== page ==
By Annie Sheslow
The harshest thing a professor ever commented on one of my papers was that “my technique became a parody of what I was trying to achieve.” Admittedly, my strategy of bleeding dry every possible meaning of a William Carlos Williams poem and then continuing to beat it to a pulp with an analytical stick deserved criticism, but I am not sure it merited being branded as the “Weird Al” Yankovic of critical writing.
Though I was taken back by the professor’s biting words, I felt reassured both by the fact that it was accurate and that I knew I could always soften the blow by discussing the paper in office hours.
Both these facts indicate my faulty, misinformed relationship with authority. I am the child of a former Peace Corps volunteer and a Dead Head who guided me to Montessori kindergarten and then 12 years of Quaker school, during which I sang a lot of children’s gospel songs and learned that conflicts get solved by taking time to talk them out on a personal, vulnerable level.
Naturally, my consensus-and-compromise-loving heart chose Kenyon for the tight-knit community and chance to learn from professors who valued similarly egalitarian “Kumbaya” methods of working through issues.
Although I knew I was naïve, I realized just how sheltered my definition of authority was when I worked as a lowly intern for a production company in Manhattan this summer. One day, I made a mistake with the phone and ended up putting the second-in-command producer on hold for two minutes. He yelled at me, and like an adult, I excused myself from the office to break down in tears at a nearby park. I was shocked that a fellow human being existed on such a different plane that his two minutes became more precious than a family scrapbook bedazzled with diamonds. I knew the producer did not want to discuss my mistake constructively in his office, and I had a Dorothy Gale-like realization that I was not in Gambier anymore.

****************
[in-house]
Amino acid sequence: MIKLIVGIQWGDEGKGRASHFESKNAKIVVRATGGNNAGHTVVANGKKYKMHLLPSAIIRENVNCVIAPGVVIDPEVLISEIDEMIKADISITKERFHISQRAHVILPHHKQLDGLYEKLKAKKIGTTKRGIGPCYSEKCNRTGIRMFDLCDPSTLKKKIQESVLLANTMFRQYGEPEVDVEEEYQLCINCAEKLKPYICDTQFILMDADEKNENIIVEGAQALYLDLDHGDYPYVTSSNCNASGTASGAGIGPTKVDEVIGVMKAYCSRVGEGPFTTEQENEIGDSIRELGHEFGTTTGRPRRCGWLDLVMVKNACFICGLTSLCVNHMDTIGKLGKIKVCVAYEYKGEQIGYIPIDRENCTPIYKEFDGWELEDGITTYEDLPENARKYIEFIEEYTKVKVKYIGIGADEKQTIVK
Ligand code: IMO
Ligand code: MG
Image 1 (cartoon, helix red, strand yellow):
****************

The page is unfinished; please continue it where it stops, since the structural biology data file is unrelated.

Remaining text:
As an editor of the Opinions section of the Collegian this year, I have seen the campus produce enlightening responses as well as argumentative ping-ponging and dirt-slinging to address conflicts. Certainly the College is imperfect, and a quick flip to Yik Yak proves that students (and possibly humanity as a whole) can be consistently terrible.
While fielding the constant criticisms in the Opinions section can be frustrating sometimes, the chance to speak to our ignorance, errors and issues in a space in which constructive comments are encouraged and heard is not a chore but a privilege.
I don’t want to be standing on some kind of already-nostalgic soapbox, but I can say the “real world” outside the Kenyon bubble is almost as scary as MTV’s Real World, in the sense that there is a lot of yelling and no one listens. Kenyon helps students identify, analyze and speak helpfully about what matters, though these voices probably will not be heard on the same clear register outside the College, or will not be heard at all. I know I have little authority to harp on postgraduate reality like some collegiate Andy Rooney when I have barely experienced it. However, I do think there is value in the shelter of the Kenyon bubble, if only for the way it amplifies and echoes our tiny voices.
Annie Sheslow ’15 is an English major from Wilmington, Del. Contact her at email@example.com.